“We hired an immigration firm to provide us the risks
around crossing the border right now. It’s anecdotal, but we’re hearing
about people getting lifetime bans, being questioned about cannabis use
or about being an investor in cannabis. We’ve been hearing more and
more stories recently,” he says.
Starseed Medicinal is a
subsidiary of Starseed Holdings Inc., a licensed producer of medical
cannabis. In May of this year, Starseed was the first medical cannabis
company to form a partnership with a large private health benefit plan,
announcing it had launched its medical cannabis supply and service model
with Laborers’ International Union of North America, Canada’s largest
construction union with 120,000 members.
The issue for cannabis
company employees and others involved in the industry is that if U.S.
Customs suspects someone may be involved in the cannabis industry they
consider that person a trafficker.
“Essentially, if you get a
lifetime ban, you can apply for a waiver that is good from between six
months and five years, but that lifetime ban you have for life and you
have to get that waiver every time you go to the States,” says
Alexander. “It’s sort of crazy when you’re talking about medical
cannabis and people with prescriptions and medical documents from
doctors being subjected to a lifetime ban because they are taking
Alexander says he needs to go to the U.S. for business
“all the time,” but the current climate has caused him and his
colleagues to decline invitations to the U.S.
“We’re turning down
invitations to conferences or meetings because the risks are real. We
are trying to avoid the States to the extent possible,” he says, noting
that it affects personal travel, too — a desired family trip to Disney
World is off the consideration list for a few years.
immigration firm Green and Spiegel LLP recently held a seminar for
people in the industry saying essentially “watch out.”
role at Starseed encompasses not only that of managing legal matters
but he is also taking a lead role in educating its members through
seminars and clinics to help educate union members on developing
workplace polices around medical cannabis use.
“A lot of my job is
involved in helping to prepare the employee communications,” he says.
“It’s quite different from your typical general counsel role.”
Starseed recently released a paper called “Medical Cannabis in the Workplace.”
think there is a lot of misinformation out there, which is the reason
we put together the brochure,” says Alexander. “We want people to be
better educated. Some employers are more accepting and it’s [medical
cannabis] hopefully going to get some employees off opioids or using
cannabis in lieu of opioids.”
He says employers are starting to
understand there is a difference between the different forms of cannabis
such as high-CBD cannabis and high-THC cannabis.
have any psychoactive components, so it’s a much safer pain medication
than a lot of pain medications out there. Information like that is
really part of the education component of helping employers who are
being a little more receptive to the concept of having polices in place
for cannabis,” he says.
Alexander says all employers should have a
workplace policy in place where employees feel comfortable saying: “I
have a medical condition and I have been prescribed this cannabis.”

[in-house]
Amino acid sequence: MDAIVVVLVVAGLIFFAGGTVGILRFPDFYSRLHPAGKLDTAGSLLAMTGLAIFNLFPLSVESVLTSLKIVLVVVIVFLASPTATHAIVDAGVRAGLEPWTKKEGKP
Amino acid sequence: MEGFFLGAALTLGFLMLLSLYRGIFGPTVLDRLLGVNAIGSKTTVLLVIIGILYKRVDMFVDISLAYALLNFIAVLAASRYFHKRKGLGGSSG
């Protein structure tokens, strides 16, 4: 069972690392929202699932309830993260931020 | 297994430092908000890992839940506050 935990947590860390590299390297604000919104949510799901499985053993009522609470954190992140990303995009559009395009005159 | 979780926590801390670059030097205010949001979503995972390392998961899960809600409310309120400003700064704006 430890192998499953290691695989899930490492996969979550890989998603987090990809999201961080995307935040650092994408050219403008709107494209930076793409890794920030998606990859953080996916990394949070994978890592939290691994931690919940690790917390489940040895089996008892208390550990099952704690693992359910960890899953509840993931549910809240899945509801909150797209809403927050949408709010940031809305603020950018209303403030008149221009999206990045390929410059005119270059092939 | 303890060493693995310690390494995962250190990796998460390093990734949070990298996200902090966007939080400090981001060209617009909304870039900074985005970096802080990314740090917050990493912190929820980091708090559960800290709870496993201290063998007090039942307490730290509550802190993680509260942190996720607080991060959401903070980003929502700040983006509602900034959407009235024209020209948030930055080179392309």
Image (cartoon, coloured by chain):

is a level of confidentiality involved and the employee should know
they can speak to HR or whoever is involved, on a confidential basis, on
the fact these are the medications they are on,” he says.
working with a major construction union such as LiUNA, Alexander says,
the idea was to find a better, safer way to treat chronic pain to a
committed customer base particularly vulnerable to chronic pain and
correspondently to opioid use.
“In terms of dealing with health
and safety issues, we’re starting with the hardest segment of society
and developing policies for them,” he says.
“In my mind, it goes
back to the education — you want to make sure all employees are aware of
cannabis in the workplace and how it works and to set expectations and
reduce risks — they really understand what does it mean if I have a
disability, who do I tell on a confidential basis and how do I figure
out how they are going to accommodate,” says Alexander.
people become educated about medical cannabis use in the workplace, they
seem much more open and receptive to it, says Alexander.
seeing people designing these policies who are realizing ‘Wait, there is
cannabis that won’t get you high?’ People didn’t even know that at the
beginning. The conversation has changed and there is an understanding
that it’s medicine that can help people with chronic pain.”
is the solo legal officer at Starseed and he has a compliance and
regulatory team that knows how to operate in what is a heavily regulated
He started his legal career at Miller Thomson LLP
in the commercial real estate group, where he practised for
four-and-a-half years before going to Shoppers Drug Mart in 2014, where
he had the opportunity to work on the cannabis file for the mega
retailer. He joined Starseed in April of this year.
me for the job at Starseed, balancing employer and employee needs with
the needs of the corporate entity as well. It’s a difficult balance, but
it keeps me on my toes and I absolutely love my job,” he says. “It’s
cutting edge and so interesting — there are new issues every day you
wouldn’t otherwise have to deal with elsewhere.”
Starseed has to
be aware of the cannabis legislation in each province as well as the
federal legislation. Not only is the Cannabis Act the overarching
legislation, but, sometimes, it brings in the U.S. Federal Drug
Administration and at times he has to consult the Controlled Drugs and
“We’re bouncing around a lot and we have to look
at literally everything under the sun. Even a poster in a store is a
very difficult question in which you have to look at many pieces of